Taylor 814ce Grand Auditorium
LIST PRICE: $4,050
Bob Taylor designed the Grand Auditorium to give players the depth of a dreadnaught and the higher end of a smaller body, yet remaining evenly balanced between a solid bass, present midrange and a sparkling treble. Bob says, “I was looking for a good, clear tone that had volume when you played finger-style … but then when you strummed didn’t have too much bass.” The Grand Auditorium became Taylor’s most popular body styles, and the 814, one of Taylor’s finest models.
Taylor spares no expense on the 814ce. The hand laid maple binding, though incredibly labor intensive, gives the guitar a natural elegance. The pearl neck inlay and abalone sound-hole rosette are opulent yet tasteful. Combine these elements with beautiful tone woods, gold tuners and a flawless finish and you have a show piece.
But it’s not all show no go, ultimately the 814 is about tone. Taylor’s UV finishing process makes for an ultra-thin finish which will allow the wood to breathe and eventually open up with age and playing without weather checking. Though I love the checking on some of my old guitars, a guitar is going to last longer without checking.
The 814 plays like a dream with a very comfortable body size, easy action and ample string space. Taylors tend to have a chimey presence that sits well in a mix while also sounding full yet shimmery while playing solo. The cutaway gives access to all those notes I never use, but for those who want to go above the 7th fret, it’s all yours.
Taylor put a ton of research and time into their proprietary Expression System, which they designed in conjunction with audio guru Rupert Neve. The ES utilizing an onboard preamp and three magnetic sensor pickups to reproduce, in their words “the true tone of the guitar.” The ES also gives you 40 to 50 hours of service from a single 9-volt and the three controls are easily accessible yet covertly hidden on the upper bout. The ES is not for everyone. It does not sound like an under-saddle system. I’ve heard some players sound fantastic on this system but I’ve never felt completely comfortable with the tone while using it in concerts. Bear in mind that it’s hard to be objective when you’re on stage and that one’s perspective on live tone comes down to personal taste.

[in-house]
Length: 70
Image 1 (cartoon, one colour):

Taylor builds exceptional guitars, and the 814ce represents the best of their best. The 814 is the quintessential Taylor that will give you something different from the Gibson/Martin brands; that chimey, shimmery, ringing tone. -JOHN BOHLINGER
This article expands on the review of the Taylor 814ce in the November/December issue.
Fender Blues Junior III
List Price: $699.99
While plenty of gigging guitarists go straight to the time-tested Twin Reverb amp, Fender’s 15-watt Blues Junior is a close second for great tone and dependability. Guitar players seem to flip these things like pancakes on Craigslist; which is usually the sign of a pro guitarist-approved workhorse amp.
About a year ago, Fender upgraded their popular Hot Rod series of amps, which include the DeVille and Blues Junior lines. In a world of add-ons, simplicity is a beautiful thing, and that’s what the Blues Junior III is all about.
The amp comes with EL-84 power tubes and 12AX7 preamp tubes — both legends in tubeville — and one 12 inch speaker, made by Eminence, based on a “Fender Special Design.” The Junior has one input, a volume control (for preamp gain), treble/bass/mid knobs, and a master knob to control the amp’s overall volume. Oh, and there’s real spring reverb and a “fat” boost that you can plug a footswitch into. Do you really need anything else? You can plug in an extension cab if you need more volume; but, for most small club gigs or studio recording, this puppy already cranks up pretty loud.
The Blues Junior is exactly what you expect from an iconic Fender amp. The reverb is rich and full, and the amp plays pretty clean and crisp throughout, adding a bit of crunch with the “fat” boost at the highest volumes. Now, that’s keeping it simple. – DAVIS INMAN